As we approach Christmas, I believe we are called to imitate Elizabeth who recognized and rejoiced in the humble presence of Christ in Mary’s womb, not yet born, and I believe we are also called to be like Mary; in her obedience of faith and her openness to God. For me, this season not only helps me prepare in joyful anticipation of Christ’s birth, but also allows me moments of watchful anticipation, the joy of watching the change I see happen in other people as they begin to become aware of what Advent is offering them. I thrill in watching the look of joy come over people as they approach the challenge of ridding themselves, if even only for a day or two, from the baggage and stress and tiredness of the world. I watch in anticipation with joy and wonder as people begin to open themselves up to others and offer a smile and greeting to strangers in stores and on the street. I see the life our world is called into and challenged to reach. We are constantly challenged in our faith to take Christ to others as Mary did, so that Christ who is secretly present in us may touch the lives of others, and we get to see it in action this time of year so much more than other times.

We live in a time when Christians have preached the Gospel for almost two thousand years, and yet there are still so many times and places of fear, of loss and tragedy and of separation from God in our society today  We at times go our own ways and lose sight of what God wants for us and fall prey to the temptation of thinking that the only thing that is real is what is immediately in front of us. People become materialistic, seeking only to accumulate more wealth and power for themselves. We at times no longer live in expectation of something greater than ourselves. This past weeks tragic scene of horror in Newtown and the death of so many young children and their teachers shows how callous humanity can be towards one another, and will remain etched in our minds and hearts forever. We live in isolated tiny worlds, yet like every day of our life, and as a reminder during this season of Advent, God continues to reach out to us, calling us in love, out of such empty lives and into a greater and fuller life of meaning. One that opens us to unlimited possibility and hope even in the most tragic of times.

This season reminds us of that great love has for us, God sent a Son into the world to call us back, and we find the answer to the hunger that has always been in us, but we have not always recognized or responded to. We learn to live again in expectation of the great plans and purposes that God has not only for the world as a whole but for each of us as individuals. In the story of Mary and Elizabeth we see examples to follow. God chose Mary for a crucial role, blessing her with the gift of his son. And we understand that her son Christ, has given us the task of sharing that same blessing with the world around us while we wait his return. In this season of Advent, we are given time, time to slow down despite all the clamor and stress Christmas and all its preparation can bring. We’re given time to reflect on the people in our lives and how they’ve given something to us thats much more precious than a wrapped gift. We’re given an opportunity to wait in joyful anticipation like Mary so long ago.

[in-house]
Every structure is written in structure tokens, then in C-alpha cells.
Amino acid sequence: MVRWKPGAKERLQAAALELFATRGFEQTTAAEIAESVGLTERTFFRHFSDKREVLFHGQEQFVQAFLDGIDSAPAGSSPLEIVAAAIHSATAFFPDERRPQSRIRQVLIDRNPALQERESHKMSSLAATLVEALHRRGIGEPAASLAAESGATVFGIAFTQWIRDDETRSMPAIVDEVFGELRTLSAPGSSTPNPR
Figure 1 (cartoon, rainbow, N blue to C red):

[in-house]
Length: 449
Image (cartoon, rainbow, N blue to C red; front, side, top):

We are Advent people, and as such we wait this season, we wait for the coming of Jesus the Messiah, the Savior. This waiting is at the heart of who we are called to be, people who live in excited expectation of the one who comes to bring us joy. We experience that childlike excitement of expectation; of the waiting for the gift we receive in a few days, through the comforting satisfaction and knowledge of our adult lenses; knowing that the gift soon to be seen will change the world in amazing ways. That’s Advent, thats the joy of Mary and our faith and the gift God gives us.  Hopefully, if we have waited and prepared ourselves well, if we choose to follow Mary and Elizabeth’s lead, perhaps something inside us will also leap for joy this Christmas. Amen


I'm a priest in the Episcopal church who responded to the call when the voice said "who shall I send" This blog is a holding place for sermons past and present. These sermons are not necessarily in order by any particular date given.